Convenience Store Woman by Sayaka MurataConvenience Store Woman by Sayaka Murata

Convenience Store Woman

bySayaka MurataTranslated byGinny Tapley Takemori

Hardcover | June 22, 2018

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Keiko Furukura had always been considered a strange child, and her parents always worried how she would get on in the real world, so when she takes on a job in a convenience store while at university, they are delighted for her. For her part, in the convenience store she finds a predictable world mandated by the store manual, which dictates how the workers should act and what they should say, and she copies her coworkers'apos; style of dress and speech patterns so that she can play thepart of a normal person. However, eighteen years later, at age 36, she is still in the same job, has never had a boyfriend, and has only few friends. She feels comfortable in her life, but is aware that she is not living up to society'apos;s expectations and causing her family to worry about her. When a similarly alienated but cynical and bitter young man comes to work in the store, he will upset Keiko'apos;s contented stasis--but will it be for the better?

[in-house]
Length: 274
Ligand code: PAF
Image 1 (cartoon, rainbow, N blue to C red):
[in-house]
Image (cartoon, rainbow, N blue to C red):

Sayaka Murata brilliantly captures the atmosphere of the familiar convenience store that is so much part of life in Japan. With some laugh-out-loud moments prompted by the disconnect between Keiko'apos;s thoughts and those of the people around her, she provides a sharp look at Japanese society and the pressure to conform, as well as penetrating insights into the female mind.Convenience Store Woman is a fresh, charming portrait of an unforgettable heroine that recalls Banana Yoshimoto, Han Kang, andAmelie.
Sayaka Murata is the author of many books, includingConvenience Store Woman, winner of Japan'apos;s most prestigious literary prize, the Akutagawa Prize. She continues to work part-time in a convenience store, which inspired this novel. Murata has been named aFreeman'apos;s Future of New Writing" author, and her work has appeared inGra...
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Title:Convenience Store WomanFormat:HardcoverDimensions:176 pages, 7 × 5 × 0.78 inPublished:June 22, 2018Publisher:Grove/AtlanticLanguage:English

The following ISBNs are associated with this title:

ISBN - 10:0802128254

ISBN - 13:9780802128256

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Reviews

Rated 4 out of 5 by from I really liked this odd book I loved reading <i> Convenience Store Woman </i>, watching the day-to-day of Keiko's life at work and at rest as she tries to figure out how best to live her life.
Date published: 2018-08-14